LAKE MICHIGAN SHORE HISTORY
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PIER COVE
Ganges Township

Grist Mill about 1860 - It fell down in a storm in 1915.

View Aerial Photo

A 21st Century View along the lake by Vern

.....There were no good places to land a boat between Saugatuck and South Haven and both represented a trek of considerable distance over barely discernible roads for early lumbermen and farmers.  to help solve this problem, in 1849 Marcius (Deacon) Sutherland bought a plot of land at the west end of the quarter line, section 5 of Ganges Township and built a 200 ft. long and 16 ft. wide pier out into the lake. It was widened to 40 ft. later.

.....The Lake Michigan shore forms a long curve inland at this point, and a small creek empties into the lake which could furnish power for a mill.  The timber at that end of the Township tended toward hardwoods, generally unsuitable for lumber, but fine for cordwood, used before the advent of the big coal markets and as the motive power in steam driven lake vessels.  A secondary product was tanbark from hemlock woods, used in the making of leather.

..... In 1852 a mill was moved in from Battle Creek and put into operation with a steam engine.  About the same time a wood-turning shop and furniture factory was built, taking advantage of some of the hardwoods in the area.  a fanning mill was also begun to turn out fancy work.  The first post office was in 1854, it closed by 1900.

..... About 1860 a Mr. Nichols purchased the wood-turning shop and put in a grist mill, grinding both flour and feed, using the small creek for power. 

.....Until the coming of the rail road through Fennville in 1871, all lumber from the Hoisington saw mill north of Fennville and the Phillips mill on section 11, Ganges, was shipped from the pier.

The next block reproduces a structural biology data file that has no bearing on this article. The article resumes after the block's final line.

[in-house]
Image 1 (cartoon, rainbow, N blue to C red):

.....The Ganges pier was taken out by 1904 ice. The north pier continued in service with the Wilson Line for fruit cargo and passengers until August of 1917 when the Anna C. wilson, the last of the regular steamers, discontinued service.

Could this be the place where stones were gathered to build the Memorial Markers in Fennville for World War One Casualties? The whole lakeshore is covered with stone making gravel.


One of Pier Cove's piers in 1896. Note the railroad tracks for loading the produce from rail cars onto the waiting ships. Could these past relatives be catching those wonderful Lake Perch?


P I E R    C O V E  1873

.....O. C. Simonds, the last owner of the mill and pond land was a landscape architect and a former superintendent of Grayson Cemetery in Chicago.  He planted many unusual plants in the valley of the old mill pond and the area became quite well known by naturalists for its many varieties of trillium in the spring.  The land has been declared a nature and wildlife sanctuary and is administered by the Pier Cove Ravine Trust Association.
MARKER @ PIER COVE                 RAVINE PHOTOS
                      


PLUMMERVILLE
Ganges Township



C O U N T Y   P A R K     OUTING  in 1960


Bertha     and   Elmer  HUTCHINS               Ora Thorsen      Asa HUTCHINS
Bea Hutchins is in back ground